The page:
Chronic Fatigue Syndrome Campaign Launched

U.S. health officials stress disease is real, though treatments remain elusive

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By Amanda Gardner
HealthDay Reporter

FRIDAY, Nov. 3, 2006 (HealthDay News) -- U.S. health officials on Friday launched a major campaign to increase awareness of chronic fatigue syndrome, an illness that has labored under an intense level of controversy.

"This disease has been shrouded in a lot of mystery. Sometimes people question if it's real or not real," Dr. Julie Gerberding, director of the U.S. Centers for Disease Control and Prevention, said at a news conference. "We hope to help patients know they have an illness that requires medical attention and help physicians be able to diagnose the illness, and be able to validate and understand the incredible suffering that many people and their families experience in this context."

The campaign will consist of public service announcements, brochures, a "tool kit" for health-care professionals and a photo exhibit called "The Faces of Chronic Fatigue Syndrome," which will travel to cities across the country throughout 2007.

"We hope this will be a turning point in the public's awareness of the disease as well as in health-care professionals' ability to diagnose and treat it," Kim McCleary, president and CEO of the CFIDS Association of America, said at the news conference.

"This launch is so important to increasing understanding of this illness," added Dr. Nancy Klimas, of the University of Miami Miller School of Medicine. "Historically, lack of credibility of this illness has been a major stumbling block."

According to Dr. William Reeves, of the CDC's National Center for Infectious Diseases, the level of impairment experienced by people with chronic fatigue syndrome is comparable to that of multiple sclerosis, AIDS, end-stage renal failure and chronic obstructive pulmonary disease.

One CFS patient, Adrianne Ryan, said that sometimes taking a walk or a shower was too much, and resulted in her collapsing for weeks afterwards. Ryan is a former marathoner.

Doctors still don't know what causes CFS or how to treat it successfully, but more than 4,000 studies over the past two decades show definite underlying biological abnormalities, said Dr. Anthony Komaroff, of Harvard Medical School.

"This is not an illness that people can imagine they have. It's not a psychological illness," he said. "That debate, which has raged for 20 years, should now be over."

Among other things, Komaroff pointed out, the brain hormone systems of people with CFS are different than those without the disease. Brain functioning is also impaired and cells' energy metabolism seems to be compromised.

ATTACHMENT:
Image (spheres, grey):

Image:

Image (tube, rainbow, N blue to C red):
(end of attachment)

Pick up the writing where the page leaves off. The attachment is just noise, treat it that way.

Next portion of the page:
Analyses of the activity levels of 20,000 genes in people with CFS have found abnormalities in genes related to the part of brain activity mediating the stress response, Reeves said.

Some 1 million Americans suffer from the disease. Women are affected at about four times the rate as men and non-white women are affected more than white women. The disease can affect any age and demographic but is most likely to strike when a person is 40 to 59 years of age.

According to a large study conducted in Wichita, Kans., only half of people with CFS have consulted a physician and only 16 percent have been diagnosed and treated, although studies have shown that those who get appropriate care early in the illness have better long-term results. A quarter of people with the disease were unemployed or receiving disability, with the average affected family foregoing $20,000 annually in income. That amounts to $9.1 billion in lost income and wages for the U.S. economy as a whole, the study found.

While there's reason to be happy with advances in the basic scientific knowledge of the disease, Klimas said she was less happy with advances in care. Over the past 20 years, she said, she has treated more than 2,000 people with CFS who were "angry and defiant, frustrated, trying to convince physicians, friends and families that this was a real illness."

"We need much more work to understand the biological underpinnings and translate this into clinical practice," she said. "At the same time, there are effective strategies we can use right now, treatments that do help and help significantly."

More information

Visit the U.S. Centers for Disease Control and Prevention for more on chronic fatigue syndrome.

SOURCES: Nov. 3, 2006, teleconference with Kim McCleary, president and CEO, CFIDS Association of America, Charlotte. N.C.; Julie Gerberding, M.D., director, U.S. Centers of Disease Control and Prevention, Atlanta; William Reeves, M.D., National Center for Infectious Diseases, CDC, Atlanta; Anthony Komaroff, M.D., Harvard Medical School, Boston; Nancy Klimas, M.D., University of Miami, VA Medical Center; Adrianne Ryan, CFS patient

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